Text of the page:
Capt. Kat’s Lobster Shack: Barrington Passage, Nova Scotia

Located in the Lobster Capital of Canada, where the lobster grounds are some of the richest in the world, Capt. Kat’s Lobster Shack is all about the lobster.

Location: Capt. Kat’s Lobster Shack, located at 3728 Highway 3 in Barrington Passage, Nova Scotia. Find the restaurant’s website here.

Menu: The menu features everything lobster and other maritime ingredients, such as haddock, scallops, and mussels. In addition to the bounty from the sea, the menu stars other Nova Scotia products, like Acadian maple syrup and apples from the Annapolis Valley region.

You could choose to pair your meal with a local beer or a Nova Scotia wine. I had the Apricot Wheat beer from Boxing Rock in nearby Shelburne. The slight apricot flavor of the beer paired well with my lobster nachos.

The menu includes a lobster tank, where you can choose a live lobster for your meal. However, with so many other unusual lobster dishes on the menu, we selected some of Capt. Kat’s signature dishes and local favorites.

If you’re a landlubber who prefers chicken or beef, you’ll find plenty of choices too. The menu has several burgers, a ten-ounce steak, and several chicken options, including a maple cranberry chicken.

The restaurant serves lunch and dinner.

Thoughts: Inspired by local culture and traditions, the dining room’s nautical theme is comfortable and charming. The dining room has three distinct areas, the main dining room having both an upper and lower deck, with a dory acting as a decorative divide between the two levels. A third room provides more seats for this busy venue.

The upper walls painted shades of ocean blue with whitewashed shiplap covering the bottom, continues the maritime décor. Each unique table has a tartan plaid table runner as a nod to the area’s Scottish influence. An eclectic mix of dining chairs rounds out the homey décor. A whimsical sign and red paint set off the galley (kitchen).

My lunch at Capt. Kat’s Lobster Shack was during the 2020 Nova Scotia’s South Shore Lobster Crawl, so my selections focused on everything lobster. The cold Atlantic waters make this the best time of year for lobster and the lobster meat is particularly succulent.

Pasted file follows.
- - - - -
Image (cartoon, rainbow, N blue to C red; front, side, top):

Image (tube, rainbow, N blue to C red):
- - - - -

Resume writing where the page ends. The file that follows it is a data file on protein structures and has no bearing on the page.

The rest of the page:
Our appetizers started with the lobster nachos and lobster fondue. Both dishes were deliciously different. I hadn’t seen these items on other menus before, and in both cases, lobster was the star of the show.

The restaurant’s lobster roll won first place in the 2020 Nova Scotia’s South Shore Lobster Crawl Lobster Roll-Off. The bread component is a bun split at the top rather than the side. The sides are white, while the top is golden brown from the oven. Capt. Kat’s chef took those white sides, brushed them with butter and toasted them on a grill until lightly golden brown.

Then came the lobster filling, overflowing from the bun. The mixture consisted of firm, succulent chunks of lobster, finely diced celery and onion combined with mayonnaise and a bit of lemon. They garnish it all with a lobster claw. The lobster roll comes with coleslaw and the Shack Salad.

The Shack Salad is a combination of baby spinach and fresh arugula that provides a foundation for all the toppings. It’s served fresh and chilled. Then come the cherry tomatoes, cucumber, red onion, sliced smoked almonds, dried cranberries, and a cheese blend drizzled with a choice of their house-made dressings.  The memorable thing about this salad is the variety of ingredients and the dressings. The blueberry honey citrus immediately caught my attention. It was delicious; but when I finished that, the real surprise came with the maple dill dressing. It was green, and while the verdant color came from the dill, it had an unexpected sweetness from the maple, that left me wanting more. 

My favorite dessert was Mrs.  Swaine’s Guinness cake. I love chocolate and this cake was chocolate decadence, moist with a cream cheese filling. The baker frosted the cake with a house-made ganache and garnished it with whipped cream. This cake had a secret ingredient that no one would ever confirm, even after several guesses. I thought the secret might be the local Crosby’s molasses, made in Yarmouth, but I guess I’ll never know for sure. In any case, whatever the secret is, it was undoubtedly a delicious addition.

Price Range: Exchange rates vary. These prices are in Canadian dollars with the exchange rate of $1.32 CD to $1 US. Appetizers range from $10 for mini fish cakes to $25 for lobster bruschetta or seared scallops with maple bacon glaze. Seconds range from $13 for the Seastar fish cakes to $45 for the Lobster Capital of Canada catch of the day or the Captain’s feast. Most desserts are $6. Lunch for two runs approximately $50 including tax and gratuity.

Disclosure: Visit Nova Scotia provided the author with a complimentary meal to facilitate this review.

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